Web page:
• [0086]
    In some embodiments, as shown in FIG. 2, an in-growth component 15, such as a piece of porous mesh material, can be placed between the suture bands 102 a,b and the vertebrae 1,2. The mesh 15 acts as scaffolding for connective tissue in-growth from the annulus fibrosis 11, the anterior longitudinal ligament 13, and the vertebrae 1,2 In addition, an anti-adhesion component can be placed over the in-growth component 15, anchors 10 a-d, suture bands 102 a,b and vertebrae 1,2 and 5. The anti-adhesion cover can be made of a material that discourages tissue in-growth or adhesions, such as ePTFE, Sepratfilm, allograft, or other absorbable materials, in order to prevent adhesions to the suture bands, in-growth component, and the anchors and to prevent injury to delicate structures such as nerves, blood vessels, and the esophagus that lie directly over the anchors.
  • Devices in Other Bones and Ligaments
  • [0087]
    One or more suture bands may also be used in conjunction with one or more anchors to join fractures or reconstruct bones or ligaments in other portions of the body. FIG. 13A is an anterior view of coronal cross section of the patella, the patella tendon 252 (distal to the patella), a portion of the quadriceps muscle 253, and an alternative embodiment of the invention. Two screws 250 a-d have been inserted across a transverse fracture in the patella. Two screws have been placed into the distal pole of the patella. FIG. 13B is an anterior view of the patella, the patella tendon, a portion of the quadriceps muscle with four suture bands connecting the anchors 250 a,b,c,d in a vertical and diagonal arrangement. The suture bands were applied over the screws in the manner described above.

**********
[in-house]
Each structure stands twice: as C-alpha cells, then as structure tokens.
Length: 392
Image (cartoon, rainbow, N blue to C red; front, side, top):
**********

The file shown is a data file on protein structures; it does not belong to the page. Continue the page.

• [0088]
    FIG. 14A is a lateral view of a sagittal cross section through the proximal ulna 258 with anchors 260 a and b disposed therethrough. FIG. 14B is a lateral view of the proximal portion of the ulna 258 and the embodiment of the invention drawn 14A. A suture band 202 a has been placed around anchors 260 a,b according to the method described above to connect anchors 260 a,b and thereby join the fractured segments of the ulna 258.
  • [0089]
    FIG. 14C is posterior view of a portion of the ulna and the embodiment of the invention drawn in FIG. 14B. Two screws 260 b,d have been inserted across a fracture through the olecranon. Two screws 260 a,c have also been inserted into the ulna 258 distal to the fracture. Additional suture bands 202 b,c,d were applied over the screws in the manner taught previously to further hold the fractured segments together. The screws are preferably placed in different planes to minimize the stress risers from the holes in the bone. The invention may be used to treat fractures of the other bones of the axial skeleton or the extremities.
  • [0090]